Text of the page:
The Japanese cabinet has approved a resolution that would allow the country to exercise the right of collective self-defense by reinterpreting the Pacifist Constitution.
The resolution sets three conditions that would enable exercise of the right including "clear danger" to the lives of its people due to armed attacks on Japan or "countries with close ties".
The move is an overhaul of Japan’s exclusively defense-oriented security policy after World War II and over half of Japanese are against it.
Chinese Foreign Ministry spokesman Hong Lei said that China is opposed to Japan's pursuit of its domestic political goals by deliberately inventing a "China threat", and urged Japan to respect the legitimate security concerns of its Asian neighbors and deal prudently with relevant issues. He said that Japan must not undermine China's sovereignty and security interests, nor should it harm regional peace and stability.
Japan’s removal of the ban on collective self-defense comes at a time of strained Sino-Japan relations, said Yuan Yang, a researcher with the Academy of Military Sciences of PLA. According to Yuan, China’s rapid economic and military development is the motive behind Japan’s move to constrain China.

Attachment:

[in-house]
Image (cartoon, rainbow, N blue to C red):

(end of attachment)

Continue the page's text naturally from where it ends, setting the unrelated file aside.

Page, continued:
Yuan Yang believes that lifting the ban on collective defense would ease certain restrictions on the Japanese military forces and might lead to gradual expansion of its military capability.
Yuan points out that Japan’s emphasis on "countries with close ties", rather than confining itself to its allies, increases the possibility of conflict between China and Japan. There is now the possibiltiy that the two countries might clash over issues related to third parties as well as the Diaoyu Island issue and other issues in the East China Sea.
Zhou Yongsheng, a professor with the China Foreign Affairs University, has also noted that the most serious consequence of removing the ban on collective self-defense might be a military alliance betweeen Japan and countries like the Philippines and Vietnam.
Faced with this situation, China needs to show the world that with peaceful development as its basic state policy, it will never pose any threat to other countries. It should try to unite all peace-loving forces, especially peace forces in Japan, to prevent these Japanese government moves. But China also needs to make it clear to the world that with its own strengthened military forces, it has nothing to fear from the provocative actions of other countries.